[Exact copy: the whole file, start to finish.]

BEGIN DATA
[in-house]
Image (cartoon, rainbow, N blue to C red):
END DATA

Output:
[in-house]
Image (cartoon, rainbow, N blue to C red):